During the fall of 2019, stream clearing operations resulted in significant bank destabilization, sediment deposition, and loss of woody debris. A small silver lining (one I could have gone without) is that previously inaccessible sections of the river were opened to small boat navigation. So it was that April Boggs and I found ourselves on the river this summer. Our primary goal was to collect samples for the NC Wildlife Resources Commission’s statewide Black Bass genetics project. Ancillary to that was our interest in documenting species composition and hopefully finding some rare fishes.
By the end of summer, we had conducted boat electrofishing at 11 sites that spanned 141 river kilometers, collecting 583 fish and 32 species along the way. We were especially pleased to see ample sunfish populations in upstream sections of the river. However, Flathead Catfish, Pylodictus olivaris, became more prevalent as we went downstream, and we observed a concomitant reduction in the number of larger Redbreast Sunfish, Lepomis auritus. Thinlip Chub and Cape Fear Broadtail Madtom were not among our catch, but we did accomplish our goals and added data to an otherwise poorly documented system.
It is unlikely that we’ll be able to sample the upstream portions of the South River by boat for some time. Navigating small, coastal systems like the South River is typically hindered by wind-fallen trees. Even in the absence of hurricanes, it takes only a few years for enough trees to fall across the river so as to obscure the efforts of stream clearing. Indeed, the harshest results of trackhoe-induced bank destabilization were not as evident during our excursion, occurring just a few months after the offending actions had occurred. As navigability diminishes, hopefully so too are the negative environmental impacts of the operation.
Submitted by Kyle Rachels
Good Work! – Recent Publications by NCAFS Members
- Caves, S., J. R. Baumann, and D. S. Stich. 2020. Density-dependent changes in Grass Carp growth and mortality in long-term aquatic plant management. North American Journal of Fisheries Management https://doi.org/10.1002/nafm.10515.
- Doll, J. C., L. Etchison, W. T. Russ, and S. J. Fraley. 2020. Long-term population dynamics and habitat association of the Federally Threatened Spotfin Chub in the Little Tennessee River. Transactions of the American Fisheries Society 149:587-599.
- Krause, J. R., J. E. Hightower, J. A. Buckel, J. T. Turnure, T. M. Grothues, J. P. Manderson, J. E. Rosendale, and J. P. Pessutti. 2020. Using acoustic telemetry to estimate Weakfish survival rates along the U.S. East Coast. Marine and Coastal Fisheries: Dynamics, Management, and Ecosystem Science 12:241-257.
- Rulifson, R. A., C. W. Bangley, J. L. Cudney, A. Dell’Apa, K. J. Dunton, M. G. Frisk, M. S. Loeffler, M. T. Balazik, C. Hager, T. Savoy, H. M. Brundage III, and W. C. Post. 2020. Seasonal presence of Atlantic Sturgeon and sharks at Cape Hatteras, a large continental shelf constriction to coastal migration. Marine and Coastal Fisheries: Dynamics, Management, and Ecosystem Science 12:308-321.
- Runde, B. J., T. Michelot, N. M. Bacheler, K. W. Shertzer, and J. A. Buckel. 2020. Assigning fates in telemetry studies using hidden Markov models: an application to deepwater groupers released with descender devices. North American Journal of Fisheries Management https://doi.org/10.1002/nafm.10504.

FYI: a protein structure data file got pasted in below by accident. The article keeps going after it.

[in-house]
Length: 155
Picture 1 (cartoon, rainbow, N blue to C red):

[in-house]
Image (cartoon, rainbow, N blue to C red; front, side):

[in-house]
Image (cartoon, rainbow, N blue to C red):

Submitted by the NCAFS Newsletter Review Team
Stories of Interest
Restoring Muskellunge habitat in the French Broad River
Amanda Bushon and Scott Loftis discuss conservation efforts
New North Carolina catfish records
Anglers caught state record Blue and Flathead Catfish in July
Albemarle Sound/Roanoke River Striped Bass overfished
Stock status due to low recruitment and overfishing
Lawsuit seeks change in regulation of NC coastal fishing
Joe Albea discusses lawsuit filed against trawlers and NCDMF
That seafood may not be what you think
Deja-vu all over again
China implements 10-year fishing moratorium on Yangtze River
Expected to impact 280,000 commercial fishers
Researchers at Duke University photograph “ultra-black” fish
Studying camouflage in the deep sea
Scientists in Hungary create Paddlefish x Russian Sturgeon hybrid
Positive results from a negative control
Snake River dams will not be removed for endangered salmon
Another chapter in the long-running saga between electricity, navigation, and fish
Geospatial analysis suggests illegal fishing in Galapagos EEZ
One of the biggest non-COVID, non-political stories in August
Fishing rights enter Brexit discussions
One-quarter of French catch comes from British waters
Submitted by the NCAFS Newsletter Review Team
Call to Action!
If you want to contribute, have a story idea or would like us to include something in next quarter’s newsletter, email Kyle Rachels at [email protected] or give him a call at 252-548-4938.
Also, if you want to become more involved with one of the many great NCAFS committees then please check this link for information about each one, contacts, etc., https://nc.fisheries.org/who-we-are/committees/
The American Fisheries Society Home Page offers a wealth of links to assist you in your fishy endeavors. This and archived NCAFS newsletters, along with links, chapter information, and upcoming meetings, can be found here on our own website.